Limits...
The effector repertoire of enteropathogenic E. coli: ganging up on the host cell.

Dean P, Kenny B - Curr. Opin. Microbiol. (2009)

Bottom Line: More recently, effectors encoded outside the LEE (non-LEE effectors) have been discovered and their functions are beginning to be uncovered.The recent completion of the EPEC genome sequence suggests its effector repertoire consists of at least 21 effector proteins.Here, we describe the genomic location of effectors and discuss recent advances made on effector cellular function as well as their role in the infection process.

View Article: PubMed Central - PubMed

Affiliation: Institute for Cell and Molecular Biosciences, Medical School, Newcastle University, Catherine Cookson Building, Framlington Place, Newcastle upon Tyne NE2 4HH, UK. p.dean@ncl.ac.uk

ABSTRACT
Diarrhoeal disease caused by enteropathogenic E. coli (EPEC) is dependent on a delivery system that injects numerous bacterial 'effector' proteins directly into host cells. The best-described EPEC effectors are encoded together on the locus of enterocyte effacement (LEE) pathogenicity island and display high levels of multifunctionality and cooperativity within the host cell. More recently, effectors encoded outside the LEE (non-LEE effectors) have been discovered and their functions are beginning to be uncovered. The recent completion of the EPEC genome sequence suggests its effector repertoire consists of at least 21 effector proteins. Here, we describe the genomic location of effectors and discuss recent advances made on effector cellular function as well as their role in the infection process.

Show MeSH

Related in: MedlinePlus

The complexity of EPEC effector function. The multifunctional and overlapping properties of the EPEC effectors are depicted here by grouping effector functions together. Three effectors have anti-phagocytic activities (shown here using the phagocytic-like gut-associated antigen presenting M-cells) whilst at least five effectors act on microvilli and four inhibit SGLT-1 and other transporter activity, four disrupt tight junctions and three are involved in pedestal and filopodia formation. At least three Nle effectors are also involved in inflammatory pathways. Microtubule and Golgi/ER disruption appears to be specific to EspG/Orf3 and NleA, respectively. Also shown are effectors which have known actin-modulating properties. TJ, tight junctions; MT, microtubules; AqP, aquaporins; NHE3, sodium hydrogen exchanger; Cl/OH, Cl−/OH− transporter; SGLT-1, sodium glucose cotransporter-1; ER, endoplasmic reticulum; MV, microvilli.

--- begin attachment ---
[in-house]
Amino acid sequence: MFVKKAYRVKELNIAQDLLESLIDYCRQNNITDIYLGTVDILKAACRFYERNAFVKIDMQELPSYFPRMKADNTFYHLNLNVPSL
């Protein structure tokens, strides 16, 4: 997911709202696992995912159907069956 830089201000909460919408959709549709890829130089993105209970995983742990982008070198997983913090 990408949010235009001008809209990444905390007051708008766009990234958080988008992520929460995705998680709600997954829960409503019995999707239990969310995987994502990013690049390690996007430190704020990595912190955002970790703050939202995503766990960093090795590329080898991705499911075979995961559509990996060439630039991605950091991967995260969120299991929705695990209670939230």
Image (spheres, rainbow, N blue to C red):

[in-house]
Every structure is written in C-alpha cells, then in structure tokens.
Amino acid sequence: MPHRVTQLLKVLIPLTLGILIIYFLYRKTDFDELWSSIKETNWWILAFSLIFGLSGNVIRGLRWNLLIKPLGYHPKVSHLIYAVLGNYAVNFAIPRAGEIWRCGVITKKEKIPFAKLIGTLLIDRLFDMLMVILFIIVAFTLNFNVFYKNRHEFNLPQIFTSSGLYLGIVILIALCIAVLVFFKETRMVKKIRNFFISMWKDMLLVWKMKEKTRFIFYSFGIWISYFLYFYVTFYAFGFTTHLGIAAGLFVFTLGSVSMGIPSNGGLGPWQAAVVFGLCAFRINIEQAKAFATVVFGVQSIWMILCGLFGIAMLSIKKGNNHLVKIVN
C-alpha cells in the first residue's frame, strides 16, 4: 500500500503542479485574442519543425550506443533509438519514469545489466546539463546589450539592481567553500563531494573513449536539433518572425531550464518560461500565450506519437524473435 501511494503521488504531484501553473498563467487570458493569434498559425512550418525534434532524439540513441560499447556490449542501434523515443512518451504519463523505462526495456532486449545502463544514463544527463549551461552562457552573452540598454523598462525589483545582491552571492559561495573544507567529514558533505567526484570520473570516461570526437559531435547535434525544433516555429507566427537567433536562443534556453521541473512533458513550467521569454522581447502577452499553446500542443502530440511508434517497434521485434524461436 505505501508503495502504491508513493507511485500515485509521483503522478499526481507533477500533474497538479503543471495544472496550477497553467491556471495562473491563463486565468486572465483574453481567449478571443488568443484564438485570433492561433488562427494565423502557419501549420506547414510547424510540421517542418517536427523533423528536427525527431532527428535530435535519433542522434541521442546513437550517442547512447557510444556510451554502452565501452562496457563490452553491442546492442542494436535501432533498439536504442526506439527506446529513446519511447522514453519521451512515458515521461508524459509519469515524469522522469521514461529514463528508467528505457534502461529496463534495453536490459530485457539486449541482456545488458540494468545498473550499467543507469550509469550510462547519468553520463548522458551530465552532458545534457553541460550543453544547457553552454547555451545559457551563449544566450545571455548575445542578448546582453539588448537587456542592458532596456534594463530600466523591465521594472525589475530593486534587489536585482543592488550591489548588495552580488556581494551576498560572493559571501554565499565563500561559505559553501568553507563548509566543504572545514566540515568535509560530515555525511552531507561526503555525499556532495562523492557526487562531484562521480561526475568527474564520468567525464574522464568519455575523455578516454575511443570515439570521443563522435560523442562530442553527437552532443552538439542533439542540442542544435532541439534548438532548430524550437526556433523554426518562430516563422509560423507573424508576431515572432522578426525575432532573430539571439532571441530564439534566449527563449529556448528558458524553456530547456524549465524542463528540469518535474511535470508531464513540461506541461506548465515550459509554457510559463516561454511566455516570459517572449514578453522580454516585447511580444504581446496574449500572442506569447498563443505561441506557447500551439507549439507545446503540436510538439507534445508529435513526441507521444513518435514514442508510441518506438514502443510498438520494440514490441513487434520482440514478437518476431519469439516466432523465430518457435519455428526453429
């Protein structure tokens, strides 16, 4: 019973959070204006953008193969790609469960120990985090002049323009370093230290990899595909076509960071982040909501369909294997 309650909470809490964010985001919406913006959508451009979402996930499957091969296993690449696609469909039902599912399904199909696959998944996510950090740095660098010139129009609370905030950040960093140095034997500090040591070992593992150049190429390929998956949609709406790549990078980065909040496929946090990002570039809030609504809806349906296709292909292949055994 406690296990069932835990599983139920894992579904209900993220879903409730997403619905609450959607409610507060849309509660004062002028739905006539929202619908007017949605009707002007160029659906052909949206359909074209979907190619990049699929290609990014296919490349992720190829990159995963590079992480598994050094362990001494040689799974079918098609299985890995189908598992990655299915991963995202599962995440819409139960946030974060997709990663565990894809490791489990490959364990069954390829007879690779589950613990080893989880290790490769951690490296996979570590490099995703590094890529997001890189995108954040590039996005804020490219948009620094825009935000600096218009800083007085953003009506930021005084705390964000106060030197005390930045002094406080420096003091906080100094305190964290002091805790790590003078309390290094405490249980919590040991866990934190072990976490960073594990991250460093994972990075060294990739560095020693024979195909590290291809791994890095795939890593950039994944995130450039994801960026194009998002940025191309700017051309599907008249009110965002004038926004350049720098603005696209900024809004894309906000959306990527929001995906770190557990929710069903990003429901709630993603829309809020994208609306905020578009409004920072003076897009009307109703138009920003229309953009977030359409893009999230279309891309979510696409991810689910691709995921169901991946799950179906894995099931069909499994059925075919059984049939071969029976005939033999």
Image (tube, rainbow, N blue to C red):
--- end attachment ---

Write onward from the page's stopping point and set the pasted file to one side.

© Copyright Policy
Related In: Results  -  Collection

License
getmorefigures.php?uid=PMC2697328&req=5

fig1: The complexity of EPEC effector function. The multifunctional and overlapping properties of the EPEC effectors are depicted here by grouping effector functions together. Three effectors have anti-phagocytic activities (shown here using the phagocytic-like gut-associated antigen presenting M-cells) whilst at least five effectors act on microvilli and four inhibit SGLT-1 and other transporter activity, four disrupt tight junctions and three are involved in pedestal and filopodia formation. At least three Nle effectors are also involved in inflammatory pathways. Microtubule and Golgi/ER disruption appears to be specific to EspG/Orf3 and NleA, respectively. Also shown are effectors which have known actin-modulating properties. TJ, tight junctions; MT, microtubules; AqP, aquaporins; NHE3, sodium hydrogen exchanger; Cl/OH, Cl−/OH− transporter; SGLT-1, sodium glucose cotransporter-1; ER, endoplasmic reticulum; MV, microvilli.

Mentions: The functions of the LEE effectors are highly varied and Table 1 gives an up-to-date and comprehensive list of reported effector functions. An emerging theme for the LEE effectors, consistent with findings in other T3SS-pathogens, is their multiple and overlapping functions (termed functional redundancy) and their interdependence and cooperativity in subverting host cell activities (Table 1 and Figure 1). For example, Map and EspF synergise [16] whilst EspG and EspG2 function redundantly [17] in the disruption of epithelial TJ, with the Map/EspF TJ-disrupting activity proven in vivo [14,18]. Tir is essential for actin-pedestal formation following binding to Intimin but is also involved in TJ disruption, independent and dependent of Intimin (Dean and Kenny, unpublished). Tir also downregulates Map-induced filopodia formation (see [3]) and coordinates with EspF, Intimin and Map to cause microvilli effacement [19•]. Indeed, Knutton and colleagues have also reported overlapping roles for LEE effectors in microvilli effacement ex vivo, using human intestinal material [20]. In addition, Map and EspF both target mitochondria to alter organelle shape and cause dysfunction — an activity that occurs in vivo and proven to be important in disease [14,15]. Such effector cooperativity appears to be just the ‘tip of the iceberg’ as a systematic genetic study in which the LEE effectors were deleted in many different combinations eludes to an unprecedented level of functional cooperativity between effectors (Kenny et al., unpublished). To this end, all the major reported hallmarks of EPEC disease can be attributed to the cooperative efforts of the LEE effectors (Figure 1).